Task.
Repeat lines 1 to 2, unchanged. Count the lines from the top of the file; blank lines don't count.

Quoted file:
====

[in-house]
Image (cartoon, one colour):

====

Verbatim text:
[in-house]
Image (cartoon, one colour):